De-[Constructing] Growth: Decoupling Profits from Unsustainable Production*

By Nicholas A. Ashford

Degrowth has been described as a “movement” rather than an ideology1, and as such it presents several variations. For some of its proponents, degrowth is a proxy for sustainable consumption, and to a lesser extent production2. A second group of degrowth advocates are those for whom an emerging discussion of “sufficiency” as a societal norm is taking shape, as a result of activism3.read more

Artivism: Injecting Imagination into Degrowth

By John Jordan

From our project “Degrowth in Movement(s)

Artivism is not really a movement. It’s more an attitude, a practice which exists on the fertile edges between art and activism. It comes into being when creativity and resistance collapse into each other. It’s what happens when our political actions become as beautiful as poems and as effective as a perfectly designed tool. read more

Degrowth in the Mexican Art Biennial: Opportunities and Paradoxes

By Sofia Avila

In October 2016, the FEMSA Foundation launched the XII Biennial of visual arts in the city of Monterrey, Mexico. For the first time in its 22 years of existence, this internationally well-known biennial has included a parallel curatorial program to articulate diverse pieces into a single discourse: The poetics of degrowth. How to live better with less?  read more

Radical Ecological Democracy: Some More Reflections from the South on Degrowth

By Ashish Kothari

From our project “Degrowth in Movement(s)

The multiple crises that humanity is facing are becoming increasingly visible: in the form of disasters related to ecological damage, the stark inequalities between a tiny minority of ultra-rich and the vast numbers of desperately poor, the health epidemics related to both deprivation and affluence, mass refugee migrations in many parts of the world, and the scarcity of several once-abundant resources. read more

Degrowth in the US: Thinking smaller where everything is big

By Sam Bliss

Things are big in the United States of America. Returning home after a year away reacquaints me with big detached single-family homes, big single-occupant vehicles, and big single-species grass lawns. I find wider roads, longer distances, larger supermarkets, and more stuff everywhere.read more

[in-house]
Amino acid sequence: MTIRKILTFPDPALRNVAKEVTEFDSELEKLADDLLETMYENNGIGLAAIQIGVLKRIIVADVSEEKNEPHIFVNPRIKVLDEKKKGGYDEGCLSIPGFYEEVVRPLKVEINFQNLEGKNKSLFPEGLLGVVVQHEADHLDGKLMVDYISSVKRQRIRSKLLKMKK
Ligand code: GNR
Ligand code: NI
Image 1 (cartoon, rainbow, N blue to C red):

Partners in the Fight against Poverty and Inequality: The Relevance of Degrowth for Development

By Katherine Trebeck

As policy makers return from Marrakesh puzzling over what a Trump presidency means for the Paris agreement, it is fascinating and wonderful to watch, from a desk in one of the biggest anti-poverty and development organisations, the increased energy, depth, and passion of the degrowth movement.read more

COP 22: “One step closer towards a climate that is incompatible with dignified life”

By Christiane Kliemann

Another UN climate summit is over and despite the prevalent rhetoric of hope, the gap between the 1,5 or 2 degree target agreed in Paris last year and the real commitments to achieve this target is nowhere near to closing. Worse, this gap hasn’t even been a focus of this year’s UN climate talks in Marrakesh although time is running: Recently published analyses of this emission gap warn that the world will see a temperature rise between 2,8 (Climate Action Tracker) and 3,4 C (UNEP) even if all pledges under the Paris agreement were fully implemented.read more

Ecommony: Living Alternatives to “There is no Alternative”

By Friederike Habermann

According to German columnist Georg Diez, the violation of democratic processes in the wake of the financial crisis in 2007/2008 was an epochal break comparable to the great depression and the developments thereafter. One reason for the increase in racism and rise of the radical right, he writes, is also the helplessness of the left faced with the increasing numbers of people who feel abandoned and stigmatized by a system for which it is claimed there is no alternative (TINA: There Is No Alternative)read more